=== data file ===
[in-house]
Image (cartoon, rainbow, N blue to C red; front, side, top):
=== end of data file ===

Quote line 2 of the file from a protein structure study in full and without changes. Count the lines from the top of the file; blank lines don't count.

Image (cartoon, rainbow, N blue to C red; front, side, top):